Jennifer and I first met at TNNA last year. Since then, we've been chatting over Twitter and email about design business. It's been great getting to know her and I'm excited to share more about her and her beautiful Karner Butterfly socks.
Jen Lucas: How did you get started in designing knitting and crochet patterns?
Jennifer Raymond: My first pattern I officially designed (with sizing and the right abbreviations) was Isis Wings, although it wasn’t my first published. I was on my third pair of socks, had seen a similar pattern knit flat, and decided to modify it and knit it in the round. At the same time, my then-boyfriend (now-husband) was encouraging me to look into doing the knitting and crocheting for profit, so I decided to start submitting my designs to be published. It took me a while to get the hang of things, though.
Isis Wings. Photo Courtesy of Jennifer Raymond.
JL: What was the inspiration for your Karner Butterfly Socks?
JR: Karner Butterfly stemmed from my interest in garter stitch as a stitch to use in the place of ribbing: i.e., wrapped around the ankle. I’d been fooling around with it, and had finally come up with something I thought might work. I then started to look into garter stitch patterns that would work with the idea, hence the patterning on the leg.
I originally had swatched in very similar colors to the colors used in the socks, I thought they looked like the colors of the Karner Butterfly, a butterfly that’s native to my hometown, as well as being endangered. I thought naming the socks after them would be a good way of honoring that part of my past.
JL: Can you tell me a little bit about the design process for these socks? How did you come up with that brilliant idea for the cuff?
JR: Ah, well I mentioned that a little bit beforehand, but I’ll go into more detail… I originally wanted to do a beaded cuff, like the one in Knitty’s pattern Rani. I love using beaded garter stitch – the beads don’t lie against the skin! I love beads in knitting, but I hate the feel of cold glass beads against my skin. I also think a lot of beaded patterns are lacy, and I wanted something warmer, originally.
Well, I was playing with this idea, and then also had been playing with garter stitch lace edgings, like the one in Sylva Shawl. This was the stitch pattern that resulted. The original pattern only had two rows of garter between the lace, I added more so I could do the contrast color – which I think makes it pop! Then it was a matter of figuring out if I could size the ankle in enough sizes to do it for a commercial pattern.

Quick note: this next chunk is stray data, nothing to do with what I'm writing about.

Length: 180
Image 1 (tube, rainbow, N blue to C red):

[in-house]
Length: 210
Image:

Funnily enough, I’m still working on some other beaded socks. A prototype was made for my mother for Christmas… she loved them, but has been finding the sock yarn doesn’t hold up as well. So… still thinking about it.
Karner Butterfly Socks. Photo courtesy of Sockupied/Harper Point.
JL: What’s your favorite sock yarn?
JR: I have three.
I love Mountain Color’s Bearfoot is a merino, nylon, mohair blend. It's sturdy, wears well, is really warm, and I enjoy Mountain Colors’ palette. I made myself a pair of socks in this yarn, and my mother loved them so much I ended up giving her that pair, and making another pair for myself.
Dragonfly Fibers Djinni Sock is also a merino and nylon blend, except their yarn has a dash of cashmere! I’ve used Djinni Sock on a variety of patterns, and I love the depth of color Dragonfly has! Again, I find myself returning to this yarn over and over.
Anzula’s Squishy is my final favorite. Like Djinni, it’s a merino, nylon and cashmere blend, but it seems to have just a touch more loft than Dragonfly’s yarn. I love Anzula’s semi-solid colors, hence the use in Karner Butterfly.
JL: What’s next? Anything upcoming you can share with us (new patterns, classes, etc.)?
JR: Next week I have Ravelry 102 on Interweave as a Webinar. I got a great response to my first class, and I’m looking to following up with the second.
I’m working on a bunch of patterns this month that will be coming out in the fall. I wish I could share pictures!
Thanks, Jennifer! I love talking to other designers about their design process!
Want to know more about Jennifer? You can check out her website here. You can see all her designs on her Ravelry designer page. And she tweets too!
Want to read more designer interviews? I have several on the blog for you to check out.